This is probably a 3.5 rounded up to a 4-star book for me. The pacing in the beginning was off, Dare’s amusing abandonment of strict historical accuracy just let me brain fill in what time period I wanted (I decided 1870s because why not? Regency doesn’t have to have all the books), and the “I’m too damaged and unlovable to have the woman I want” hit a little too close to home due to some recent events so while I liked the characters of Clio (whose name I made Cleopatra) and Rafe they also exasperated me just a little.  I also spent a lot of time with this expression on my face, particularly whenever the side characters entered the plot and especially when Bruiser had his quizzing glass:

nemo seagulls

But perhaps the most importantly, I am left flummoxed by my library. My beautiful lovely library who always finds me all the books. SOMEONE DECIDED THE FRONT OF THIS BOOK NEEDED A POST IT NOTE ON IT TO PROTECT MY EYES. From what? I don’t know.

dare marquess

Our very own queen of the upvotes, emmalita, says perhaps they are in cahoots with big dressmaking, because of the apparent shoddy workmanship of the dress just *falling* off her body. Also, I’m not upset at the amount of back we’re seeing here, I’m annoyed that a character who is supposed to be on the voluptuous side is on the slim side here. Although at least they remembered she was supposed to be blonde, I never did.

To wrap up:

corgi wrap up gif

I’m not even sorry.

If you like a bit of romantical fluff with good sexy times and witty banter and flat out funny moments, you can’t really go wrong with Dare, but your mileage may vary with this one in particular. Although we’re pretty uniform in a 3.5-5 star rating at the charitable Cannonball Read.

Five Days at Memorial (CBR8 #24)

I have an interest in what happens in worst case scenarios. I find disaster documentaries fascinating. I don’t know what that says about me, but it does mean that books like Five Days at Memorial: Life and Death in a Storm-Ravaged Hospital are up my alley. Following a glowing review from Lollygagger way back in Cannonball Read 6, I added Sheri Fink’s book to my to read list, and then kept pushing it farther down. Because even though this is an area of non-fiction that interests me, you have to be in a certain mood to read about this much death and destruction.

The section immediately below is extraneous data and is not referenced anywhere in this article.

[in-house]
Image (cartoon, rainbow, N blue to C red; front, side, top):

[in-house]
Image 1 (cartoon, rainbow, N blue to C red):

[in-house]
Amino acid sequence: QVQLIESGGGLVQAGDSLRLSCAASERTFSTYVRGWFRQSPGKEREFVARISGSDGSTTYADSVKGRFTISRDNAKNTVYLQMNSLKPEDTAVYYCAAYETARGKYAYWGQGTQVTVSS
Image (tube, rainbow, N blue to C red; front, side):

I took my time, spending about six weeks with the book total, and approximately 4 and a half of those in the first section, in which Fink provides a day by day, minute by minute look at what was happening both inside the walls of Memorial, and in the offices of companies and agencies attempting to help evacuate the hospital following the flooding. It is simply harrowing. There are really no other words. However, I had a tough time sinking in to the narrative. Too many names, too many places, and not enough visual aids. I finished part one pretty sure this book was getting no more than three stars.

Then I got started on section two. I blew through those pages over the course of a few nights. Yes, I will admit to some skimming, but I was mostly skimming to get to the next piece of the puzzle that angered, fascinated, or alarmed me. I had seen a review of the book that complained that Fink was too overt in her opinions on the actions of some of the doctors on the fifth and final day at Memorial. I found that the evidence that Fink provided, as compiled by the persons responsible, made it nearly impossible for her narrative to stay entirely neutral. Fink doesn’t editorialize, she isn’t inserting herself into the narrative in any way. She is reporting the facts, and they unfortunately don’t put certain people in a good light.

I found much of the discussion of topics about medical ethics, end of life care, rationing medical care in an emergency, of deciding who should receive treatment first, and who should wait, and the success and failure of various triage systems simply fascinating. And, infuriating. This book jumped up to a four-star book for me because it made me think about the bigger things. I started reading portions out loud to my roommate Ale, who had a similar experience with her latest review, and making her promise that she would support my choices for end of life directive should we ever come to that. We were talking about our reactions to Mary Roach’s book Stiff and donating our bodies to science (we have very intense chats in our house, I’ll miss those when we aren’t roommates anymore).

But perhaps most importantly, Fink puts names to numbers. Numbers are difficult to relate to, and your brain can pass them over. Yes, 54 people died at Memorial in those five days. But many of them didn’t have to, and I’m left with the impression that at least one, was murdered. And his story will stay with me and hopefully keep me paying attention to this larger conversation.

This book was read and reviewed as part of the charitable Cannonball Read.